All-Bran, Bran Buds, Corn Bran, Fiber One, 100% Bran


Beets, broccoli, Brussels sprouts, cabbage, carrots, corn, green beans, green peas, acorn and butternut squash, spinach, potato with skin, avocado



Apples with peel, dates, papayas, mangoes, nectarines, oranges, pears, kiwis, strawberries, applesauce, raspberries, blackberries, raisins

Cooked prunes, dried figs

Meat substitutes

Peanut butter, nuts

Baked beans, black-eyed peas, garbanzo beans, lima beans, pinto beans, kidney beans, chili with beans, trail mix

What are complications of constipation?

Constipation can cause other health problems such as:

  • Hemorrhoids. Red, swollen veins in the rectum. They happen when you need to keep straining to have a bowel movement.
  • Anal fissures. Tears in the skin around the anus. They happen when hard stool stretches your sphincter muscle. They can cause bleeding in your rectum.
  • Rectal prolapse. This is when a small amount of your intestinal lining pushes out from your anal opening. It is caused by straining to have a bowel movement.
  • Fecal impaction. This is when a large lump of hard, dry stool stays stuck in your rectum. The colon’s normal pushing action can’t push out the stool. This is seen mostly in children and older adults.

Can constipation be prevented?

Many of the same lifestyle changes that help treat constipation may also help to stop it from happening:

  • Have plenty of fiber, water, and liquids each day.
  • Get regular exercise.
  • Allow plenty of time for bowel movements. When you need to have a bowel movement, be sure to do it.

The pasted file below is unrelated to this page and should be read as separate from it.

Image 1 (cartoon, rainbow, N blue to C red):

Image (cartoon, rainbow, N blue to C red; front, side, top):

• Try to have a bowel movement at the same time each day.
  • If another health problem makes you more likely to have constipation, take your health care provider’s advice for treating that problem.

Living with constipation

Follow your health care provider’s advice for treating constipation and stopping it from happening.

When should I call my health care provider?

Most people have constipation at one time or another. But call your health care provider if:

  • Constipation lasts longer than 3 weeks.
  • Constipation pain is stopping you from doing your daily activities.
  • You have symptoms of any of the complications of constipation.

Key points about constipation

  • Constipation is the most common GI (gastrointestinal) complaint.
  • You are constipated when your stools are painful and happen less than 3 times a week.
  • Your stool will be hard, dry, and in small pieces.
  • Your stools get hard and dry when your colon takes in (absorbs) too much water.
  • Constipation symptoms can include stomach cramps and feeling tired.
  • Constipation can cause other health problems such as hemorrhoids (red, swollen veins in the rectum).
  • Making diet and lifestyle changes can reduce constipation symptoms. These changes can also stop constipation from happening.

Next steps

Tips to help you get the most from a visit to your health care provider:
  • Before your visit, write down questions you want answered.
  • Bring someone with you to help you ask questions and remember what your provider tells you.
  • At the visit, write down the names of new medicines, treatments, or tests, and any new instructions your provider gives you.
  • If you have a follow-up appointment, write down the date, time, and purpose for that visit.
  • Know how you can contact your provider if you have questions.